Now when I'm talking about tracing, I'm not talking about reference or blocking or inspiration or any of that. I'm talking bold faced theft of an image. Cribbing compositions or poses from your inspirations is old hat in the illustration industry. I've seen Gary Gianni drop in the odd figure from Gustav Dore. Frank Frazetta nicked more than a few figures from his inspirations. But we're talking appropriated pieces of an original whole not a whole appropriated image. When you're just flat out copying an entire work there's none of you in it, and that makes it not your work. I don't care if you change the colors, flip it around, splatter half tones on it, it still isn't your damn work. It's just embarrassing.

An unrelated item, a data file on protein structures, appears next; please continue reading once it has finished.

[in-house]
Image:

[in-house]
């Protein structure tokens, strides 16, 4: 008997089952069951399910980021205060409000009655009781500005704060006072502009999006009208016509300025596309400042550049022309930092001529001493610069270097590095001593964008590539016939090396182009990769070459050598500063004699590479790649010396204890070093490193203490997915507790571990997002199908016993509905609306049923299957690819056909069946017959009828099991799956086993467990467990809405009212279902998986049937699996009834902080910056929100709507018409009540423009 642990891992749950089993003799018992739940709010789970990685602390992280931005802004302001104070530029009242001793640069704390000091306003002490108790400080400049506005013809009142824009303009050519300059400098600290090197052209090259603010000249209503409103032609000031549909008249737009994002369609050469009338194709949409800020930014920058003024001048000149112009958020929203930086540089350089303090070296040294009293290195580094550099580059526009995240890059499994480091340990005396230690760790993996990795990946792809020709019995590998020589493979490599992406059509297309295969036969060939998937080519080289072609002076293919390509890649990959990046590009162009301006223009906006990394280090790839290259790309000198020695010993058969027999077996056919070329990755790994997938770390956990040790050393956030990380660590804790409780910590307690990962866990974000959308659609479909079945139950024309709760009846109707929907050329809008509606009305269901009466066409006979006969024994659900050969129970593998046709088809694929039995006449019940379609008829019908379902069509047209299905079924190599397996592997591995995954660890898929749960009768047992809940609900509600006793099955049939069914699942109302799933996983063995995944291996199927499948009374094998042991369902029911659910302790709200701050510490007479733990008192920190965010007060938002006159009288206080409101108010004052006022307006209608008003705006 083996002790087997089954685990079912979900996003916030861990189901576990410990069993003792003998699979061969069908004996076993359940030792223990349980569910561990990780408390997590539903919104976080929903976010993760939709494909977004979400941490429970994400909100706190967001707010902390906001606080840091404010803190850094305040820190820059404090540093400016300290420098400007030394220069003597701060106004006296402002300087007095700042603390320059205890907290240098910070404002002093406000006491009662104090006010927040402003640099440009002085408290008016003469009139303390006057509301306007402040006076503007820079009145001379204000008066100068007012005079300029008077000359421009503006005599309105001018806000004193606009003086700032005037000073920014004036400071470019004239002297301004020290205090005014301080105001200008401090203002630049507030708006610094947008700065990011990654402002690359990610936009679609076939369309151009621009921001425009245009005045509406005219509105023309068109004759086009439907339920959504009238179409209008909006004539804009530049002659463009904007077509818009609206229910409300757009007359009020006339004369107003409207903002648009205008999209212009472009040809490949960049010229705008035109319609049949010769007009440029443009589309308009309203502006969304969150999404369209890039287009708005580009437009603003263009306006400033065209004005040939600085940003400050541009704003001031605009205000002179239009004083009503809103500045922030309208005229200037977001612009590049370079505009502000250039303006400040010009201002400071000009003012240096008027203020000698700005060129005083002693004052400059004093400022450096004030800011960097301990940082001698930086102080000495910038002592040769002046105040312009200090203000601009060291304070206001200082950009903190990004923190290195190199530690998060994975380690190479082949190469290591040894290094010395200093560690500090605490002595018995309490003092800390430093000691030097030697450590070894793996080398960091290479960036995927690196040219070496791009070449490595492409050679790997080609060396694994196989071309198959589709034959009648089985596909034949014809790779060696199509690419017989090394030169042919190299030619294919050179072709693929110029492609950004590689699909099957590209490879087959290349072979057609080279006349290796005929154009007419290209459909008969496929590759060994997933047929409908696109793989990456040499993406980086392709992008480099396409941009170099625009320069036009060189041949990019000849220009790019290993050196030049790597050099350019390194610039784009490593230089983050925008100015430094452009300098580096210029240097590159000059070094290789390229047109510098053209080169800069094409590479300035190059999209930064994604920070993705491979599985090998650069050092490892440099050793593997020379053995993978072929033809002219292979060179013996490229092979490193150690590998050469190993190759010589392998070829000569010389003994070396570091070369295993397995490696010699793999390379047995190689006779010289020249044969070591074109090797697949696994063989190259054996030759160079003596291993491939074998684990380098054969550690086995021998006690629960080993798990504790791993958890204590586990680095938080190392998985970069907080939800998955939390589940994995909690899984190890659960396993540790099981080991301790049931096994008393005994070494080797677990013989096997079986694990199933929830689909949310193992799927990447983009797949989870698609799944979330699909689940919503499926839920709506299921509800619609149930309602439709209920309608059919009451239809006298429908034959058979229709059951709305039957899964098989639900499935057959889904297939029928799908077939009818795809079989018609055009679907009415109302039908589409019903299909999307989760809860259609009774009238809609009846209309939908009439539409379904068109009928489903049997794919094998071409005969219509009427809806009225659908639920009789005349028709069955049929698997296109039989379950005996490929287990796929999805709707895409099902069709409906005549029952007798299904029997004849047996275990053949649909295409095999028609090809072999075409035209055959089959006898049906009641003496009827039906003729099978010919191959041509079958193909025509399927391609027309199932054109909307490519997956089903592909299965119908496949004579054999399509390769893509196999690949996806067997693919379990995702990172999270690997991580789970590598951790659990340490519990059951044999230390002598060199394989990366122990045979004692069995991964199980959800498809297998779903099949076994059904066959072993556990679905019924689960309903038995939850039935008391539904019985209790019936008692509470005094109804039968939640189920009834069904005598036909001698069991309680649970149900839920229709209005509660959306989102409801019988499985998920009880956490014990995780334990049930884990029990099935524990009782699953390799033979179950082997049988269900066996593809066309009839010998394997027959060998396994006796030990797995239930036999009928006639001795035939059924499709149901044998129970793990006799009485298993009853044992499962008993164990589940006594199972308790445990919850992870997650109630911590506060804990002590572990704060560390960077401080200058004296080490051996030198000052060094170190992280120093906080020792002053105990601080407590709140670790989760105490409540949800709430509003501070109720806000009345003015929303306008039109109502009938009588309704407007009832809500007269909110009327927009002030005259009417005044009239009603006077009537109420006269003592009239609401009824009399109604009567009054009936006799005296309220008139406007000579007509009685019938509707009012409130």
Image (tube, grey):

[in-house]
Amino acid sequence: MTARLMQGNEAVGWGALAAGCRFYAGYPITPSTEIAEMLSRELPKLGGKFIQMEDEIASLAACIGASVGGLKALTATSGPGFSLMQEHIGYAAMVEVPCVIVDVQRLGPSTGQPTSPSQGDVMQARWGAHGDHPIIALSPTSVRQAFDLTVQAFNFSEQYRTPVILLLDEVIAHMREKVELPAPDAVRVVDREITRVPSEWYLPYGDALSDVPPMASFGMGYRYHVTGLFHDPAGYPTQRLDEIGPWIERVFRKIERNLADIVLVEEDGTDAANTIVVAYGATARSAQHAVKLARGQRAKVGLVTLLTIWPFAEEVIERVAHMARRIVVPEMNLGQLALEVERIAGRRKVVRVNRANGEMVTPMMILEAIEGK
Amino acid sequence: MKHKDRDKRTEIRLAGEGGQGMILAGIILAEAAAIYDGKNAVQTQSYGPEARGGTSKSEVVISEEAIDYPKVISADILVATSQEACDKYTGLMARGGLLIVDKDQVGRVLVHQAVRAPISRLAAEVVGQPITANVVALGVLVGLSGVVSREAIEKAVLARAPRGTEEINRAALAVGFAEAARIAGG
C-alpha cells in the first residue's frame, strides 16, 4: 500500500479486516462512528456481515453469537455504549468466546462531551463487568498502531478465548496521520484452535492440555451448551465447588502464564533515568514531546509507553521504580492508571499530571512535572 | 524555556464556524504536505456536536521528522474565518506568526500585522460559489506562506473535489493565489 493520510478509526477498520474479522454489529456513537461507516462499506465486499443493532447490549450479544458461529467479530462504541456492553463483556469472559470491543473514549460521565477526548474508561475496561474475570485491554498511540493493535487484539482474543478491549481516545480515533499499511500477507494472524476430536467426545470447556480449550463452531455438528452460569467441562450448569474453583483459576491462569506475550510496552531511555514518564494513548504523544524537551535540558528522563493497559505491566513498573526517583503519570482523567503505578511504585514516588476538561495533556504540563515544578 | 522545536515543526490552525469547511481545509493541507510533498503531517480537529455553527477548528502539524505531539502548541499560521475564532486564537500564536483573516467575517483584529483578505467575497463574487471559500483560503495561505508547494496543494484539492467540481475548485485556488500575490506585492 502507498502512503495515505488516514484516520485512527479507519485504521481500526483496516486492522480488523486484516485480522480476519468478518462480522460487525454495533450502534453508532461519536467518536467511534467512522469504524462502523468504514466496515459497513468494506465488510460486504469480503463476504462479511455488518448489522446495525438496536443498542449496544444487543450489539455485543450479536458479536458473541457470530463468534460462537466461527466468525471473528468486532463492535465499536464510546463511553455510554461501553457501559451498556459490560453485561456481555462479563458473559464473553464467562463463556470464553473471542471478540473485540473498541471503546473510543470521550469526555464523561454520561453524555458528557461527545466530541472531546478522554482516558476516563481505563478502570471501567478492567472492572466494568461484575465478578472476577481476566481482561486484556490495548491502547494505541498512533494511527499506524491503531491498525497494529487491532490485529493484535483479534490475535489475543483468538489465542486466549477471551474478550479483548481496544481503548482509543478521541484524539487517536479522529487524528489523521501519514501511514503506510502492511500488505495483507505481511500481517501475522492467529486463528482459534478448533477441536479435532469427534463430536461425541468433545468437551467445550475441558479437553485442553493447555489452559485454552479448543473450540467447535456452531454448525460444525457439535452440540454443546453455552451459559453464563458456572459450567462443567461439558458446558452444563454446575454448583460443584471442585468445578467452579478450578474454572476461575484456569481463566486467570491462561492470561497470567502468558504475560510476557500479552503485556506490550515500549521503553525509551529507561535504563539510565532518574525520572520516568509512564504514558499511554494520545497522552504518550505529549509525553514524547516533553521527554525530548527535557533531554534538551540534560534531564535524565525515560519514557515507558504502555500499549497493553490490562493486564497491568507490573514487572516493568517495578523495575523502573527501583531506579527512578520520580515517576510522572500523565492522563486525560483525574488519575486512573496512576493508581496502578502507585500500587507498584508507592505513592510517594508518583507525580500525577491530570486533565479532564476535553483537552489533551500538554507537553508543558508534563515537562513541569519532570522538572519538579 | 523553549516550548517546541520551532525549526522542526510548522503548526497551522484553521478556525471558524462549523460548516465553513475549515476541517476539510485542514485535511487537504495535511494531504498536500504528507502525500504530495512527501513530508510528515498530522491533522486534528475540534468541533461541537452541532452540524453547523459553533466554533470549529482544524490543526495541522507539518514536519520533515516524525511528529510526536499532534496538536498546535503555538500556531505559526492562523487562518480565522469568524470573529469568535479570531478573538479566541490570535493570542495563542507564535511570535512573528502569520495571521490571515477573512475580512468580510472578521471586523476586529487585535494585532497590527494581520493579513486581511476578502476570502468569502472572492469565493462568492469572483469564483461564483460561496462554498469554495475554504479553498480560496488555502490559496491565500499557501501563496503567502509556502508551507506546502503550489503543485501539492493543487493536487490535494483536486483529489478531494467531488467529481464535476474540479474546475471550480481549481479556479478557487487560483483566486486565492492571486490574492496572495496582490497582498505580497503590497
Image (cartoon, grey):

I suppose the crossroads that this particular brand of plagiarism brings us to is "does original work sell?" Recently I was reading that new interview with Bill Waterson that's making the rounds and in it he pleasantly states that people are attracted to what they know, it's comfortable and assured. It's the Hollywood model of remakes and sequels. It's got brand recognition. And so I generally have to conclude that no, original work doesn't sell... unless it's part of a brand or has been part of a brand long enough that it can carry its fanbase away from that brand. I feel, in many ways, that fanart is sort of a crutch but it's also a necessity in today's market. It's that brand recognition you use to build a fanbase that can then make your original work viable. Unfortunately that brings us back to the initial problem: the desperate and the hungry will just copy until someone notices and then copy something else to capture that fanbase. Perhaps I should be more disappointed in the fanbases for not being as discerning of charlatans and phonies. But depressingly I don't expect any more of them.